Ustaads Fateh Ali & Hameed ali, nephews of the late Ustaad Ummeed Ali Khan, followed and, once again, showed that even Tari's exhilerating act could not prevent real ustaads from establishing an immediate rapport with the audience. They are excellent singers and I always enjoy thair madhya lae expositions - but their crescendos have never been my cuppa. However, a quick glance around showed that most people disagree with me and were swinging to their drut. It was particularly pleasing to see that several teenagers, arriving in time to hear MHB, were truly enjoying this and, at least one section of 5-6 young girls were straining at the cultural leash to get up and dance.

Finally, after a break, probably to let some senior citizens - specially those with a disregard for all things new - leave, MHB made their entry amid roars, claps, and wild cheers. The performance and its effect on such a mixed audience was beyond expectations! Mekaals' forays and improvisations were remarkable, as always. The drumming was consistently good and the brief appearance and the accompaniment by Gumby proved even more fun for his fans. The flautist, Pappu, was briliant and his improvisations thoughtful. Javed Bashir's vocals (despite a discernable imbalance in the sound volume where I was sitting, making him sound just a trifle muffled) were breezy, tight, and clearly indicative of a classical (perhaps qavvaali) background. I'd rather let someone else - Insiya, perhaps - write more about this part of the performance, since I am only a recent initiate to this group's sound, having been captivated by the Darbari on their first CD.

The session ended at 4 AM and everyone still seemed full of life. Karachi: we need a lot more of this and a few all-night Espresso joints to go to afterwards.

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Saturday, January 21, 2006

The Girls of Riyadh

Twenty-four year old Rajaa Al-Sanie's first book, "The Girls of Riyadh", may not turn out to be worth much as a work of great prose. It may not find a place next to Nawal Al Sadawi's brilliant writings on my bookshelf. Perhaps it won't even sit near Tehmina Durrani's "My Feudal Lord". Since it's not on Amazon's list yet, I'll just have to wait and see what readers say. So far, of course, no review, particularly in the Western Media, seems even remotely interested in its literary merits, preferring to gloat over having discovered, surprise-surprise, double-standards and moral decay in jolly old Soddy Arabia. Oh, dear!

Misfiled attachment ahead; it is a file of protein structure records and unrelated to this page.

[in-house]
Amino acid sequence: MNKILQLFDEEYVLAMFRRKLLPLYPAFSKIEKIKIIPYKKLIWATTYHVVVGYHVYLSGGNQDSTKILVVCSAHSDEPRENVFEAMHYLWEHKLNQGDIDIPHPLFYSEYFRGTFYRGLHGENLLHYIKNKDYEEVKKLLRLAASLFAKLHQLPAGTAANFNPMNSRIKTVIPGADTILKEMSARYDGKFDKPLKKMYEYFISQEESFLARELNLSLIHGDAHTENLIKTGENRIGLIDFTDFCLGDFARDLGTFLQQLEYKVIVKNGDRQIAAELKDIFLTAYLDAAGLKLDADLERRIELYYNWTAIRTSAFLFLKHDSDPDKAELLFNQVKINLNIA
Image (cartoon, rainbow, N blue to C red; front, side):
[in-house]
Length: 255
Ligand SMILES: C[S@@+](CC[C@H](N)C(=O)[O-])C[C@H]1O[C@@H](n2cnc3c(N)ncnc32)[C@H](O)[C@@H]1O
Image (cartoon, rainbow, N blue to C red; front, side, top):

Googling the book title revealed nothing new about the book, but it did unearth a news item in the Arab News (Sunday, 2, October, 2005). Under 4 Arrested for Molesting Girls in Riyadh I found nested in the last paras, the following horror story that really stumped me. :
Last year, a mobile sex clip was widely distributed in the Kingdom and it too horrified many people. The clip showed a black man raping a Saudi girl as she pleaded for help. The governor of Riyadh immediately gave orders to find the offenders and bring them to justice. Two young Saudis were arrested and sentenced by the high court to prison terms and flogging for having planned and filmed a Nigerian driver sexually assaulting a 17-year-old girl. 
The judge sentenced the principal defendant, Barjis ibn Faleh, 27, to 12 years imprisonment and 1,200 lashes; the other Saudi, Abdul Rahman ibn Haif, 22, was sentenced to two years and 200 lashes. The Nigerian, Youssef Abkar Muhammad Abdullah, was sentenced to six years in prison and 600 lashes. [Italics mine.]
That a 'planner' got twice the punishment the rapist received was strange enough. But, the grossness of the crime and such incogruous sentencing in this case aside, what I am really horrified about is that, had this been a consensual act, the couple could have been - under some circumstances - stoned to death (in itself a topic for debate within Islam).
Considering the violence of rape as worthy of a lesser punishment than an act that may occur out of Love, certainly seems a shocking and stupid way of looking at things. But that's male-bonding and chauvinism for you!
Back to Rajaa's book: Literary merits and demerits aside, it is a milestone. If King Abdullah, reported as being sympathetic to the idea of slowly-but-surely including women in all aspects of governance, does not prevent her from appearing on international talk shows (fearing that she will damage the country's image), she will inspire many other young women, everywhere, to expose the hideous pressures that they continue to endure and the dual lives they are often forced to live, even in this century. Good luck, kid!
Truth can be really powerful stuff. You're not expecting it.